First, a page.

• Laurel

Bookbub Bargains: Moon Called by Patricia Briggs

Hi friends,


When Moon Called showed up on my Bookbub, I had to jump on it even though it was a discount and not a free book (since there are so many options I've been limiting myself to the free ones). I've heard a lot about this series, and seen a lot of comments on other people's reviews of other books comparing to this one.





So, I was eager to read this book with over 1500 positive reviews on Amazon. First, I have to note that this is not an independent author, which surprised me. It's a traditionally published book, and for that reason I'm going to be a little more critical than I am of independent authors because I know how much money and work goes into those, how many eyes see it before it hits market, everything.


My first thought when I found out this book was traditionally published was surprise; I was surprised because I saw a lot of errors I recognize in indie authors that I expected a traditional publishing house to fix. Awkward phrasing, things that felt rough or unfinished, and a LOT of random info-dumping, paragraphs and paragraphs of it, throughout the book. Even about things that didn't really matter to the storyline. It felt like there were way more story tangents than needed to be in the book, and it just distracted from the overall story. This book capped out at 295 pages and could easily have been close to 200 with the amount of unnecessary (and often awkward) crap.


On the positive, I identified with the main character, Mercy, right away. I love the way the author presents her and her thoughts, the way she thinks through and about things, and how relatable she is. It's a classic take on an 'orphan' story, and I can already see where the series is leading; Mercy doesn't know her true heritage as a coyote shifter, but she's special and there are a few hints about what that could mean. I thought the author set up the love triangle well, the old love vs. new love, the hurt and confusion, played well. I think a lot of her assumptions are a bit too convenient to help drive the 'misunderstanding' plot point along, but it didn't piss me off.


The main story behind the plot got rather convoluted and ended up requiring the characters to dissect the inner workings of someone's twisted perspective, which felt a little too conveniently understood and extracted. It helped that Mercy just has 'feelings' that are right and can magically tell when someone is up to something, and that some of the wolves 'know' when someone is lying like living truth-detectors. Okay. A little too convenient.


Overall I enjoyed the story, but I won't be reading more. I thought it was good enough to finish this book, but not good enough to entice me to read the next one. The characters didn't stick in my head afterwards, and that's a sure sign to me I'm rather 'meh' about the entire thing. I'm not upset at having paid $1.99 for the book, but when I checked on Amazon to see how much of a discount I received I was shocked to discover the Kindle edition retails for $7.99 - that's when I realized it was traditionally published. All of the follow-on novels in the series are similarly priced.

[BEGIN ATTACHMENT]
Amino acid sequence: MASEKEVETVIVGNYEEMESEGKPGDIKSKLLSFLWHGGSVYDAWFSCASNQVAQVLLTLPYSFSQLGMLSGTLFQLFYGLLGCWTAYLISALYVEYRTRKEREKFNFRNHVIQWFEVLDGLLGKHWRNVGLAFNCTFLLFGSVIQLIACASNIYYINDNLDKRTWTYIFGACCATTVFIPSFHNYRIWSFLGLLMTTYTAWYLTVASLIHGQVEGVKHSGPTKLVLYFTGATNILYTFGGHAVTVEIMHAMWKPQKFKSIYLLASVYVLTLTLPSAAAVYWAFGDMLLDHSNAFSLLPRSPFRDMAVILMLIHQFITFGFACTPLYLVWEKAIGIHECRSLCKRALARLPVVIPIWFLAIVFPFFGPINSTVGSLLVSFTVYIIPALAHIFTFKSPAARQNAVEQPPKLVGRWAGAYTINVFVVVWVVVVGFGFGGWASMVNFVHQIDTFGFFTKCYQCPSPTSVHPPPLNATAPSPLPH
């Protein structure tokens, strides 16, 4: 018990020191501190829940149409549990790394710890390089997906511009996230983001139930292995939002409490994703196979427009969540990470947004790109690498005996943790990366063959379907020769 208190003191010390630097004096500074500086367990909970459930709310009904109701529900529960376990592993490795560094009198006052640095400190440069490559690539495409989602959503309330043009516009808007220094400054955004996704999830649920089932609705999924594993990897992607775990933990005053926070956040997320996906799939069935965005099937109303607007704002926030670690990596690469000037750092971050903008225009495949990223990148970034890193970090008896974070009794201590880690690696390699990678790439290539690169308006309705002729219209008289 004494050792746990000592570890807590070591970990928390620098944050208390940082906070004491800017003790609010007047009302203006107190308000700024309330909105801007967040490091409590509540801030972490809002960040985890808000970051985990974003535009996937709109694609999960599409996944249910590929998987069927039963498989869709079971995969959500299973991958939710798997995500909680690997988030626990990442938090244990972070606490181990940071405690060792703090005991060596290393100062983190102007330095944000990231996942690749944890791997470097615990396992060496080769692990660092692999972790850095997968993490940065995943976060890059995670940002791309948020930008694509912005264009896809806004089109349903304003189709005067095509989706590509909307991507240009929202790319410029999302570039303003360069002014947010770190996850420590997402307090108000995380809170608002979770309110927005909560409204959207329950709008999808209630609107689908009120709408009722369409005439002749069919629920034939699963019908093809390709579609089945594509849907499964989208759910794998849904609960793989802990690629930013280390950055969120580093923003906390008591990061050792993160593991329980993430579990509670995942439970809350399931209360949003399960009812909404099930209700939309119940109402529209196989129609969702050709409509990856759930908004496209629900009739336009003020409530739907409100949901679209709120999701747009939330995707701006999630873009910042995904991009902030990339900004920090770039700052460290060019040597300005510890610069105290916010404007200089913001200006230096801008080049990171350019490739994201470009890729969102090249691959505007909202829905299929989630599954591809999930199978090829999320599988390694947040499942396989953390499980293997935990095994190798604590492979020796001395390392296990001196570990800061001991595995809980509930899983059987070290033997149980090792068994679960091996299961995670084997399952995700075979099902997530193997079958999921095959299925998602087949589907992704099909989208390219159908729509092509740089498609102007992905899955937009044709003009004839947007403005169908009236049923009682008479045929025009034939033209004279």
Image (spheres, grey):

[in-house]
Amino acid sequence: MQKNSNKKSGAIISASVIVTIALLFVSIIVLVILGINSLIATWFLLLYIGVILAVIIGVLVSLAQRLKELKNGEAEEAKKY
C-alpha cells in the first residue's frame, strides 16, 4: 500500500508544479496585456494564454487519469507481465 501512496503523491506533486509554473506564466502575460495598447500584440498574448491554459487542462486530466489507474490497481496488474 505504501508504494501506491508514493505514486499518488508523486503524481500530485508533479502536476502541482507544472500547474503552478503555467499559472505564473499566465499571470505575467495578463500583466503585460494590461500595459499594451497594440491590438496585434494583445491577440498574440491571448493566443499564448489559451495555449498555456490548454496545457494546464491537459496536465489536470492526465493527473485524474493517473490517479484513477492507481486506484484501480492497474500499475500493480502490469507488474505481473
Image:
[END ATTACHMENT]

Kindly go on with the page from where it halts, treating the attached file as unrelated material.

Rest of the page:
Every author deserves to get paid for their work, and I don't begrudge this author especially considering she is traditionally published and is likely not seeing much of that $7.99 price tag. However, given that this work was no better than a very average indie author, I have no desire to pay that price for the next in series when I could potentially enjoy a similar level of craftsmanship from an indie author (and possibly much better) for a lot less.


One final note, I did appreciate how the author managed to write a story with a main character of a different race than herself. I think she did it by not delving too much into the culture - the character being an orphan and not knowing the father from whom she received her Native blood helps. Briggs lightly touched on it and handled the entire situation with kid-gloves. I suspect that race will play a bigger role in the rest of the series, given how accurately she describes the appearance and suspected heritage of the other characters.


Overall I give Moon Called 3 *'s. It's not bad, and it's entertaining, but it's not great and it's just not good enough to merit that price tag for me.


Do you have any books you've read recently that you expected to love but just didn't live up to the hype?


Laurel

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